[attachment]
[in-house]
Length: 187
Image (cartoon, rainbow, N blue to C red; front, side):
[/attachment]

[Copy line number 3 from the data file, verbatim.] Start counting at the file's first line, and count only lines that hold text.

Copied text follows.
Image (cartoon, rainbow, N blue to C red; front, side):